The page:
hill were powerful electric searchlights.
Behind the town, which extends a long
way Inland, Is a hill to the right of which,
facing seaward, Is the residence of the
viceroy, newly built for Admiral Alexieff.
The larg dock lying to the east of the har
bor proper Is known as the east port. The
highest for defending Port Arthur, crown
ing the Tiger's Tall, Is named Man Ts
How It Was Captured.
Th capture of Port Arthur by Marshal
Oyama In November, 1894, wa considered
as practically finishing the war with
China, as It wsa the greatest blow In
flicted in th campaign. Landing at Plt
sewo, about eighty miles from Port Ar
thur, h secured hi advance by the oc
cupation of Klnchan and Tallen Wan, and
then, after nearly a month's gradual ap
proach, delivered the final' assault, with
actual fighting of thirty-six hours. The
most vulnerable point was found to he j
north or ine east port, oyama nrst occu
pied the northwestern hills with his bat
teries snd then ruehed the defenses. Tho
final stand was made at the forts Just
south of the east port. The seaward fort
were taken In the rear or surrendered
without further contest.
In. sn order of th day, Issued Fehrusry
27, General Stoessel, commander of thu
garrison, told Ids men that the Japaneso
conKldeied the seizure of Port Arthur to
Continued on Second Pas.
J NEBRASKA WEATHER FORECAST
Fair In West, Showers In F.nst Por
tion Mondayi Tuesday, Fair and
Temperature at Omaha Yesterday i
Hour. Dec Hnnr. Pe,
ft a. m m 1 p. m IM
a. m hi H p. an 11
T a. m KH H p. m K
I. m AO 4 p. tn M
n n. m o ft p. ni Al
lO a. m a rt p. m Ml
It I. m fl T p. m ...... ft.'l
13 m WI M p. m ftU
O p. m r:t
WAR MAY SPREAD INTO CHINA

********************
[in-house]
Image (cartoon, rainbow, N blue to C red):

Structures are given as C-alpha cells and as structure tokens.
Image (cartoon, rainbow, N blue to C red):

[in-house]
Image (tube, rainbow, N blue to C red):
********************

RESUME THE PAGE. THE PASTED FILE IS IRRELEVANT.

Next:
Natural Hostilities and Strategies of
Conflict Raise Fears.
ST. PETERSBURG, May 15 In view of
the official dispatches regarding the hostile
attitude of the Chinese within and without
the Russian sphere of Influence, the au
thorities here do not conceal their appre
hension as to the outlook, especially In
the north of the empire, for they propose
to call the attention of the celestial govern
ment to the Impending uprising In Tapn
dzlatsl In order that repressive measures
may be Instantly taken.
It is known and appreciated here that
all the powers have nindo strong repre
sentations to Peking in the interest of the
preservation ot the tranquillity of tho em
pire, but It is stated that Major General
Pflug's dispatch of May 14 shows the neces
sity for further impresHlng the celestial
government with the advisability of acting
with a firm hand.
The authorities here do not forget that
the Boxer revolt which spread from Shan
Tung would have Involved tha entire em
pire had It not been for the firmness of
the southern viceroys. The military au
thorities In St. Petersburg claim to have
Information of a sensational character, to
the effect that the Chinese have tacitly
agreed to co-operate with the Japanese
operations against the Russians.
The Japanese propose, it Is stated, to
drive General Kouropatkin's forces Into
Mongolia, which would place the Russians
in the position of Invaders of neutral terri
tory and enable reprisals by General M:t's
army, which, it is asserted, Is kept In that
region for that special object, thus cleverly
avoiding the slightest Infringement of the
neutrality of China by Japan and the
Chinese troops by not crossing the Man.
chuiian frontier, could not be charged
with a violation of pledges in respect to
noninterference In military operations In
Manchuria. The opinion of an eminent